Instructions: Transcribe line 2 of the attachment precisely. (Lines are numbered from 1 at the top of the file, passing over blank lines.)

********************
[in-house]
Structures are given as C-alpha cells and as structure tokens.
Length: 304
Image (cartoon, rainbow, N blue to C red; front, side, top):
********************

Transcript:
Structures are given as C-alpha cells and as structure tokens.